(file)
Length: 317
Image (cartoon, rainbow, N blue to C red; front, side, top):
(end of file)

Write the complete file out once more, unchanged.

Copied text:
Length: 317
Image (cartoon, rainbow, N blue to C red; front, side, top):